He said there was “no contriteness, no apology” from RTÉ and even went as far as comparing its treatment of him to how the Church handled allegations of sex abuse in the early 1990s.
In its ruling, the BAI made clear that RTÉ had made mistakes but there was no malice involved. But yesterday, Mr Gallagher accused the broadcaster of “arrogance” and “hostility” towards him.
In a statement last night, RTÉ said it “accepted the BAI decision that RTÉ was found to be unfair to Mr Gallagher on specific grounds” and that “the director general and the RTÉ board expressed their apologies to Mr Gallagher for the mistakes made”. A review of the programme will be completed shortly.
It is likely director general Noel Curran will be questioned on this report when he appears at the Oireachtas communications committee today to answer questions about the Prime Time Investigates ‘Mission To Prey’ programme. Asked yesterday about his preparation for Frontline debate, Mr Gallagher said he had told himself: “I want to come out of it being positive and I will not be riled no matter what other candidates, in the last dying effort, attempt to do that. For me it was about staying calm.”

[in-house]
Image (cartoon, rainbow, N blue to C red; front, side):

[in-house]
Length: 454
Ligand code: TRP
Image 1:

But the final outcome clearly riled him and his message towards RTÉ is now a very negative one.
If it was an attempt to re-ignite a political career, it may yet backfire, with abuse groups taking issue with his comments and suggestions he was using the tweet as a source of comfort to gloss over his bad handling of campaign interviews.
* Enda Kenny has stood over his refusal to appear on a TV3 debate on the EU fiscal treaty, with his spokesman saying debates are “overrated”.
The Taoiseach has yet to decide on invitations from RTÉ whether to appear on any debate ahead of the May 31 vote. But he has refused to participate in a TV3 programme despite offers by the station to alter the format to suit Mr Kenny.
His spokesman last night said the refusal was “not personal” but also surmised that a forum that includes “party politics mightn’t be the best way” for debate on the treaty.
“He’s not engaging with TV3 on this occasion. The Taoiseach has been very energetic during the campaign. Debates are overrated. The Taoiseach is very engaged with the campaign. Whether or not there is a debate of any kind is not what will influence people.”
TV3 yesterday said: “It is also disappointing to note that the only occasions on which the Taoiseach has chosen to appear on TV3 is when he seeks to promote charitable causes.
“Whilst these appearances are important, our viewers are equally entitled to hear the Taoiseach’s views on matters of major national interest, including the forthcoming fiscal treaty referendum.”
RTÉ sources say Prime Time are planning a debate on May 29, two days before voters go to the polls. Informal discussions are ongoing between the show’s production team and government officials about Mr Kenny appearing on the show. It is understood that a separate TV debate next Monday, is being planned for the Frontline show. Sources say Mr Kenny has not been invited to appear but that an approach has been made to Tánaiste Eamon Gilmore.
— Juno McEnroe